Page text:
The Medicare Payment Advisory Commission (MedPAC) on Wednesday delivered its annual report to Congress detailing the potential for $30 billion in savings over a decade by freezing or cutting Medicare post-acute care payments.
MedPAC's annual report offers lawmakers policy recommendations and can provide backing for controversial payment cuts for Medicare providers, according to CQ News.
In this year's 483-page report, MedPAC urged lawmakers to change Medicare payments across all four post-acute care settings:
- Home health agencies;
- Inpatient rehabilitation facilities (IRFs);
- Long-term care hospitals; and
- Skilled nursing facilities (SNFs).
MedPAC said the changes are needed to address "chronic overpayment." It wrote, "By sending the wrong price signals, current payments encourage providers to furnish unnecessary care and to prefer to treat some patients over others." The panel recommended Congress:
- Keep payment rates at current levels for long-term care hospitals in 2018;
- Keep payment rates at current levels for SNFs in 2018 and 2019;
- Reduce payments to home health agencies in 2018; and
- Reduce payments to inpatient rehabilitation facilities in 2018.
MedPAC said companies and organizations that provide post-acute care should be able to adjust to the payment changes, noting that payments have outpaced costs in such settings for more than a decade. MedPAC added that HHS should be required to submit a report to Congress detailing the effect of payment freezes on its prospective payment system.
Further, to improve payment accuracy, MedPAC said:
- Ambulatory surgical centers should be required to submit costs data;
- CMS should revise the payment system for SNFs;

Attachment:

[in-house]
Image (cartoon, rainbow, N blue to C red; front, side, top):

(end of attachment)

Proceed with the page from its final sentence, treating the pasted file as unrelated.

- CMS should revise the base payment system for home health agencies to exclude therapy visits; and
- The inpatient rehabilitation facility's "outlier pool" should be expanded.
MedPAC also recommended Congress not implement currently mandated payment updates for ambulatory surgical centers and hospices. But the panel said Congress should implement mandated increases for dialysis facilities, hospitals, and physicians and other health professionals.
However, MedPAC recommended that Medicare lower payments for hospital outpatient departments for services that could be provided in a physician's office.
Overall, MedPAC estimated that Medicare could save $30 billion over the next 10 years if Congress implements the panel's recommendations for post-acute care.
MedPAC reprinted its 2016 recommendations on Medicare Part D, a program that costs roughly $100 billion a year. It suggested that Medicare gradually reduce how much it pays when a Part D beneficiary's prescription drug costs rise into the so-called catastrophic range from 80 percent to 20 percent. The reduction would give insurers added incentive to negotiate on drug prices, MedPAC said.
MedPAC in the report also detailed some hospital closure information. According to the report, 16 of the 24 hospitals that shutdown in 2015 were in states that chose not to expand their Medicaid programs under the Affordable Care Act. MedPAC found that since 2010, 127 urban and rural hospitals have closed, largely because of low patient volume and because they were not profitable (Nather, "Vitals," Axios, 3/16; Young, CQ News, 3/15 [subscription required]; Firth, MedPage Today, 3/15).
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